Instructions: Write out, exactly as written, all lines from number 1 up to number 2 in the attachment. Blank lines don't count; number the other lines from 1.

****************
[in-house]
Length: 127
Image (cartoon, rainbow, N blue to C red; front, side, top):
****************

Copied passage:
[in-house]
Length: 127